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How to Find Healing when You are Drowning in the Shame of Your Abortion

  • Carrie Dedrick
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  • 2015 Jul 27
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Recently, conversations about abortion provider Planned Parenthood have been cropping up everywhere we turn. After a startling video emerged that allegedly shows Planned Parenthood executive Dr. Deborah Nucatola discussing how abortion-performing doctors are able to save specific organs of babies to sell to researchers, the pro-life community and most of the nation were shocked. 

The Senate has promised to launch an investigation of Planned Parenthood; meanwhile we can’t stop talking about the practice of abortion and its detrimental effects on the United States and the greater world.

But our talk is bringing renewed pain to the women who have experienced the loss of a child through an abortion procedure. The Guttmacher Institute reports about one in three American women will have an abortion within their lifetime. Many of these women live on to regret their decision and mourn the choice that they made, wondering what life would have been like if they had kept their child. 

Some women decide to end their pregnancy before coming to the faith, while others may be Christians that are convinced their child was coming at the wrong time. Regardless of when the abortion occurred, the constant talk of Planned Parenthood is sending waves of emotion to the women who underwent the procedure. 

The Gospel Coalition writer Nancy Guthrie wrote a powerful letter to the sisters who are now suffering as they are “forced to do battle” with the decision that they made once again. In the letter, Guthrie tells the women that they have been forgiven by Jesus Christ.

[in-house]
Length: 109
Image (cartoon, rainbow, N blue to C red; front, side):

Though the “enemy of your soul tempts you to believe the blood of Christ is insufficient to cover this sin,” it has been forgiven. Abortion is not “some separate class of sin,” as Satan wants us to believe. Abortion, like all sin, has been “wiped clean” by the blood that Jesus shed on our behalf. 

Guthrie writes, 

“On that day when you went for the abortion, you acted ignorantly in unbelief. You didn’t believe, on that day, that his grace would be enough to enable you to carry that child. And so you acted in that unbelief. But now, having cried out for it, you have received mercy. The grace of Jesus has overflowed so that you are awash in it. This grace is producing faith where there was once unbelief and love where there was once a selfish determination to live life on your own terms.” 

She tells the women that they have something in common with the Apostle Paul. Before he became Paul, Saul took care of the coats while a violent mob stoned Stephen to death. He later called himself the “chief of sinners.” 

Paul knew that he had sinned, but received the mercy of Jesus. He said, “Formerly I was a blasphemer, persecutor, and insolent opponent. But I received mercy because I had acted ignorantly in unbelief, and the grace of our Lord overflowed for me with the faith and love that are in Christ Jesus” (1 Tim. 1:13–14).

Guthrie urges women to accept God’s grace rather than anguish over sin. 

One day, she writes, Satan will be crushed by God (Rom. 16:20) and sin will be conquered forever. But until then, walk freely “as one who is fully forgiven” and embrace “the joy and freedom of this reality.” 

Many of you reading this have never had an abortion and never will. You may know of a young woman who chose life and went through with her pregnancy, though she will care for the child alone. This is a fact to be celebrated! But, as Jennifer Maggio points out in the Crosswalk.com piece “Abortion and the Church,” there is work to be done. 

“67% of all single parents do not actively attend church. Many cite fear of judgment as a primary reason,” Maggio says.

If your church does not have a ministry for single parents, start one. Be the church by supporting those who need help with the struggles of raising a child alone. 

Matt Haviland agrees with Maggio’s words. 

“Almost every church in America will attempt to talk a pregnant single mom out of an abortion, but only 1% of churches have a ministry for single moms set in place once the baby is born. We could make the same case for the men, perhaps even fewer resources for single dads,” Haviland writes

We are say we are pro-life during pregnancy, but we need to act on our pro-life views after the baby is born by embracing single parents into church. Children are a blessing from God. Let us celebrate their arrival with open hearts. 

 

Carrie Dedrick is the editor of ChristianHeadlines.com.

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